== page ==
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A few months ago, I sat with the CEO and Founder of Blue Ember Concepts, Nelton Johnson. His company is a leading design entity in Jamaica which aims to constantly frustrate tradition with creativity.
Having amassed over 20 years of business experience, one can imagine the wealth of knowledge he has garnered and when expressed, the impact that his gems of wisdom have on his listeners especially if it’s a maturing creative entrepreneur.
As you can imagine, with the wide array of possible things to discuss, the beginning of our discourse was an enthusiastic search for the right topic. However, like the sand on the sea floor of Coco Plum Beach, we settled on a topic that is of utmost importance to any budding
businessman or woman – Networking.
Networking is the deliberate connection to someone with common goals and objectives for the purpose of elevation of character through idea and information sharing, or it is simply about who knows you and who you know.
This sometimes very uncomplicated act is highly important to the starting and managing of an enterprise. That is due to the fact that people conduct business with people they know and trust.
However, while the pertinence of this key business element can’t be strongly opposed, it remains stained by the ills of business culture within the professional and social spaces of the Caribbean.
The idea of intentionally forming relationships with people who will contribute to your personal growth has been severely watered down to just having an unfair and undeserving advantage of securing good fortune over someone else.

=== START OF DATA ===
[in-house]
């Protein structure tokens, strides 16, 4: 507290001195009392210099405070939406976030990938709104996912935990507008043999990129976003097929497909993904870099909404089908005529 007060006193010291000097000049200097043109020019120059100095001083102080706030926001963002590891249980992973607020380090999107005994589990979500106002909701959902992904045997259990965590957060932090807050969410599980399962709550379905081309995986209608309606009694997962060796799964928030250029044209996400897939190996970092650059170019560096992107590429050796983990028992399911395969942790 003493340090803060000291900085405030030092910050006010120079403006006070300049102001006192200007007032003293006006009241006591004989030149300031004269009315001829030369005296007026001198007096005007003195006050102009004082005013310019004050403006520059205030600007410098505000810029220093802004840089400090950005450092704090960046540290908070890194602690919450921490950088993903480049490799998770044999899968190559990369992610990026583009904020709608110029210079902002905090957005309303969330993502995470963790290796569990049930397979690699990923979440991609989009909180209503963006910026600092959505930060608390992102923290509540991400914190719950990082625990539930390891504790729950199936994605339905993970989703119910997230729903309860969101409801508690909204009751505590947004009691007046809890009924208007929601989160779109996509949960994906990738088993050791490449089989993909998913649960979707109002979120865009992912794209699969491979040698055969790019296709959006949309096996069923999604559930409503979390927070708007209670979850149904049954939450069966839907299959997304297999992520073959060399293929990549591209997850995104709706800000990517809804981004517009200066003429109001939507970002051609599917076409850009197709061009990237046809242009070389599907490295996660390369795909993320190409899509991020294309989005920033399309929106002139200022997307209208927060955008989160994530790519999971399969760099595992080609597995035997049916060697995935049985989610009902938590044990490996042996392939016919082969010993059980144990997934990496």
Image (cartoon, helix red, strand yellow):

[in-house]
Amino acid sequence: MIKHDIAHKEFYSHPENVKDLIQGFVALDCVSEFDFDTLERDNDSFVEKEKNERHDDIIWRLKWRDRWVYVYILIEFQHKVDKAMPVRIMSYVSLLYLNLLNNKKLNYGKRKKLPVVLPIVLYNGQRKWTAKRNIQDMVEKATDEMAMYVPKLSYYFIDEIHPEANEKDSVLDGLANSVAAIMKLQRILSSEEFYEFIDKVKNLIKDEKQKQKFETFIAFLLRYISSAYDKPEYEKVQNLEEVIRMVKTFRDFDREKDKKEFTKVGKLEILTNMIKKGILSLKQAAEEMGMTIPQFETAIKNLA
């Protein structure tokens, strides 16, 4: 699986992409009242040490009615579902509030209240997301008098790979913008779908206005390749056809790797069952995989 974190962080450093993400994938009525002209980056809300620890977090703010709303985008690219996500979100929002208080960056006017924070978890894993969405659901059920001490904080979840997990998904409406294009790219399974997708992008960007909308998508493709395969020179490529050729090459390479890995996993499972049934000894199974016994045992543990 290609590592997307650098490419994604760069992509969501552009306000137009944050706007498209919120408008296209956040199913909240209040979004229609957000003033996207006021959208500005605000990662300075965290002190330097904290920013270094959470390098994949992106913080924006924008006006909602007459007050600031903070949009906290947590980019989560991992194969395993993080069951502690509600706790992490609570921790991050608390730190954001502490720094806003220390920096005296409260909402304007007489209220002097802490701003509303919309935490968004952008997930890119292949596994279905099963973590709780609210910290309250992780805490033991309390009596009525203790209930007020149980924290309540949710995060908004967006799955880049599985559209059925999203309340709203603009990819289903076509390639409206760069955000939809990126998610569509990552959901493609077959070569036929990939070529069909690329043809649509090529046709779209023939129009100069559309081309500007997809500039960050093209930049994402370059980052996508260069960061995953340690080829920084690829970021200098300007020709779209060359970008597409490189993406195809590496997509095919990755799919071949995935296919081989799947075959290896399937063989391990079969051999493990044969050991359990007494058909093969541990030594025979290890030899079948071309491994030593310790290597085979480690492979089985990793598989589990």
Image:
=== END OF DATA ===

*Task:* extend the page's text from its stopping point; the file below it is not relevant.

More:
Thus, many persons believe that not being connected to a possible employer or someone “in the system”, is enough to discourage them from submitting a job application. But can we blame them? There are many qualified individuals whose efforts to seek employment have been disregarded because the employer favoured the requisition of his kind-hearted unqualified sister -neighbour’s, brother’s son.
However, what you may find interesting is that it is not bad for a proprietor to favour a family or long-time friend to fill a vacancy. What is unacceptable though, is the appointment of an applicant on the sole basis of friendship and family.
What it all boils down to is a cohesive relationship between relatability and value. Knowing the character traits, behaviours, mindset, and moral standing of an individual with whom you hold ties, only becomes advantageous when those positive traits are founded on a qualified ability to perform. This goes beyond the hiring process as well because valuable networks are important to individual and corporate success.
Now, how do you form a valuable network? Well, it has to do with what your goals are – whether personal, professional, academic etc. After becoming certain of your goals, the next task is to strategically and intentionally connect with persons who share common interests and who can help you to mature into living your fullest potential.
Additionally, assuming you have friends – and I hope you do, evaluate them to know if they are of benefit to your growth and development. Are they helping you achieve your goals? Do you see any future benefit of that relationship, or are you just comfortable having small talks?
At the end of the day, it all depends on if you want to become more efficient, if you’d want to accelerate your career, access new information, attain altered perspectives to life and form long-lasting relationships.
However, as much as it is important, there are many persons who shiver at the thought of having to start a conversation with a stranger at a function.
If you are one such person, develop a strategy that includes possible questions to ask which may help you start a discussion or better, walk with business cards and let them do the talking.
All in all, there is no denying the importance and the effectiveness of a quality network. It’s not about getting a job, acquiring new friends, or learning how to talk to people. It’s about success and an improved quality of life. So, start building!